Was never subject longed to be a king, As I do long and wish to be a subject. Shak.
The subject must obey his prince, because God commands it, human laws require it. Swift.
✍ In international law, the term subject is convertible with citizen.
That which is subjected, or submitted to, any physical operation or process; specifically (Anat.), a dead body used for the purpose of dissection. also, an animal or person which is studied in a scientific experiment.
That which is brought under thought or examination; that which is taken up for discussion, or concerning which anything is said or done."This subject for heroic song." Milton.
Make choice of a subject, beautiful and noble, which . . . shall afford an ample field of matter wherein to expatiate. Dryden.
The unhappy subject of these quarrels. Shak.
The person who is treated of; the hero of a piece; the chief character.
Writers of particular lives . . . are apt to be prejudiced in favor of their subject. C. Middleton.
(Logic & Gram.) That of which anything is affirmed or predicated; the theme of a proposition or discourse; that which is spoken of; as, the nominative case is the. subjectof the verb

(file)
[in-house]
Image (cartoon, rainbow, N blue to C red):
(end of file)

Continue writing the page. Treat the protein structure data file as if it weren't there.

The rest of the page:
The subject of a proposition is that concerning which anything is affirmed or denied. I. Watts.
That in which any quality, attribute, or relation, whether spiritual or material, inheres, or to which any of these appertain; substance; substratum.
That which manifests its qualities -- in other words, that in which the appearing causes inhere, that to which they belong -- is called their subject or substance, or substratum. Sir W. Hamilton.
Hence, that substance or being which is conscious of its own operations; the mind; the thinking agent or principal; the ego. Cf. Object, n., 2.
The philosophers of mind have, in a manner, usurped and appropriated this expression to themselves. Accordingly, in their hands, the phrases conscious or thinking subject, and subject, mean precisely the same thing. Sir W. Hamilton.
(Mus.) The principal theme, or leading thought or phrase, on which a composition or a movement is based.
The earliest known form of subject is the ecclesiastical cantus firmus, or plain song. Rockstro.
(Fine Arts) The incident, scene, figure, group, etc., which it is the aim of the artist to represent.
Sub*ject" transitive verb
To bring under control, power, or dominion; to make subject; to subordinate; to subdue.
Firmness of mind that subjects every gratification of sense to the rule of right reason. C. Middleton.
In one short view subjected to our eye, Gods, emperors, heroes, sages, beauties, lie. Pope.
He is the most subjected, the most nslaved, who is so in his understanding. Locke.
To expose; to make obnoxious or liable; as, credulity. subjectsa person to impositions
To submit; to make accountable.
God is not bound to subject his ways of operation to the scrutiny of our thoughts. Locke.
To make subservient.
Subjected to his service angel wings. Milton.
To cause to undergo; as, to. subjecta substance to a white heat; to subjecta person to a rigid test